GENEVA, Switzerland (AFP) — Nearly 6,400 people have now died from Ebola, the World Health Organization said Wednesday, amid a ballooning case load in Sierra Leone.

The UN health agency reported 17,942 cases of the deadly virus across eight countries as of December 7, resulting in a total of 6,388 deaths — all but 15 of them in Guinea, Liberia and Sierra Leone.

On Monday, WHO had put the global death toll at 6,346 out of 17,834 cases.

Sierra Leone meanwhile reported 397 new cases during the week of December 7 — three times as many as Liberia and Guinea combined, WHO said.

The country now counts a total of 7,897 Ebola cases, including 1,768 deaths, according to Wednesday’s tally.

A full third of the new cases, or 133 of them, were reported in the capital Freetown, at the heart of the ongoing surge in cases seen in the west of the country.

Sierra Leone, which only a few days ago overtook Liberia as the nation with the most cases of the killer virus, recorded 1,319 new cases during the three weeks prior to Sunday.

WHO said Ebola transmission remained “persistent and intense” across the whole country, except in the south, with the previously hard-hit southern district of Kenema for instance reporting just one new case since November 1.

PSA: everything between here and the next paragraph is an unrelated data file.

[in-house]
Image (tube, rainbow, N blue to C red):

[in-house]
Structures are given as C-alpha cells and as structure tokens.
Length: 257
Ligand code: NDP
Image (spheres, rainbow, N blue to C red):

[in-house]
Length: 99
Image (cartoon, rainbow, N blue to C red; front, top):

Liberia, long the hardest-hit country, has meanwhile seen a clear decrease in transmission over the past month.

Data as of December 3 showed the country counted 7,719 Ebola infections and 3,177 deaths, WHO said.

Twenty-nine confirmed cases were reported country-wide during the first three days of the month — more than half of them in the Montserrado district, which includes the capital Monrovia.

Liberia counted 225 new cases during the three weeks leading up to December 3, WHO said, adding that the previously hard-hit district of Lofa had reported no new cases for six consecutive weeks.

In Guinea, where the outbreak started nearly a year ago, 2,292 Ebola cases and 1,428 deaths were recorded as of December 7, according to the tally.

Guinea registered 321 new cases country-wide in the prior three weeks — 103 of them in the final week.

WHO said that while the case numbers in the country appear fairly stable, transmission has been increasing slightly, and more worryingly, expanding geographically.

The number of districts affected climbed from nine on October 1 to 14 on December 1, the UN agency said.

The virus is still spreading fast in Mecenta in the southeast, and spreading steadily in several central and northern districts, including near the Malian border.

Outside of the three most affected countries, the death toll remains the same — six in Mali, one in the United States, and eight in Nigeria, which was declared Ebola free in October.

Spain and Senegal, which have both been declared free from Ebola, meanwhile counted one case each, but no deaths.

Ebola, one of the deadliest viruses known to man, is spread only through direct contact with the bodily fluids of an infected person showing symptoms such as fever or vomiting.

People caring for the sick or handling the bodies of people infected Ebola are especially exposed.

As of December 7, a total of 639 healthcare workers were known to have contracted the virus, and 349 of them had died, WHO said.

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